Organizational/Admin: I now know that starting a brewery – even a small one – requires jumping through an astonishing variety of administrative hoops. The federal permitting process was a daunting seven-month journey of frustration and bureaucratic nitpicking through the bowels of the TTB (Alcohol and Tobacco Tax and Trade Bureau). Watching him go through it and listening to his very legitimate complaints, I was astonished that anyone who doesn’t have a fleet of lawyers and accountants to call upon ever ends up opening a brewery. The two-month long state permitting process was, by comparison, a walk in the park. Then pile on all the local requirements (building codes, business license, city council OK, etc. etc.) and the internal functional questions to be answered (How will we bill customers? What accounting program will we use?). Any entrepreneur who assumes he or she can just start producing their cool thing and make a million is courting disaster. I think for most people, this is the least fun part of starting a business – but if you don’t think through it in a pretty structured way (or work with someone who can help you to do that), and build the time and effort required into your start-up plan, your business will grind to a halt before it even starts.
Product: I’ve been truly impressed with the fact that, as he’s been fully immersed in these first three aspects of starting his business, Patrick has also been devoting a lot of time to making sure his product is extraordinary. He’s spent the whole year doing exhaustive recipe development and testing on each of his four standard beers and two seasonals. Now that his system has arrived, once he gets it set up he’ll be going through a whole new product loop of figuring out how to replicate the quality he’s achieved — at 20x the volume. He’ll be going from 5 gallon homebrews to 3.5 barrel (108 gallon) production batches. It’s all too easy as an entrepreneur to think “I’ve got a great thing – it will knock everyone’s socks off.” And yet – will it? It’s essential that you build rounds of testing, ramping up and improvement into your pre-sales start-up planning.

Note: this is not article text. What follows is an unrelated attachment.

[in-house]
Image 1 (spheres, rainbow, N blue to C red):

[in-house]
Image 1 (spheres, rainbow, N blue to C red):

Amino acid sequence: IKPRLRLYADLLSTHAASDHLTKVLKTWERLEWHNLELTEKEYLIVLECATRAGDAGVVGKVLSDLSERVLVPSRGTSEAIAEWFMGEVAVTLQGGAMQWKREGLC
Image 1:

Marketing and Sales: And yet, just having a great product or service isn’t enough. You have to think clearly and practically about who your customers are, how you’ll let them know that you have something they need, and how to communicate that in a compelling way. This is Patrick’s least favorite part, and so the one in which I’ve been involved most involved. We’ve had many branding discussions: that is, what are we promising, and how do we want to convey that promise in words and images? Based on that, we’ve put lots of thought into naming and labelling for each beer. Since we’re now a couple of months away from having beer to sell, we’re focusing on all the decisions, large and small, needed to connect our product with a delighted customer base. For instance, we’re only selling to restaurants and bars, vs. retail, so we identified the criteria for the hospitality businesses that could be attracted to our product and price point, and then made a list of all those businesses within about a 45-minute drive of the brewery. Now we’re figuring out how to support and inspire our future customers to let their patrons know they’re carrying our beers. And then how to make it easy for those patrons – once they’ve tasted and liked the beer – to become vocal fans and advocates. In other words, even great products don’t sell themselves. Before you have product to sell, think about who your target audience is, why they need your product, and how you’ll let them know it exists and can meet their needs. And do your best to do some market-testing beforehand: it’s easy to think people will love your thing just because you do, but you need to get some independent confirmation of that love.
And, happily, Patrick just received some great independent confirmation: he sent his four standard beers (1875 Milk Stout, 1829 IPA, 1758 Witbier, and 1855 Cream Ale) out to six national competitions a few months ago. Just last week, he found out that he won awards in four of the six: 2 gold, 3 silver, and 3 bronze medals – and each of his four beers won at least once.
All of which goes to show – when you take care to walk down the right paths as an entrepreneur, wonderful things can happen along the way.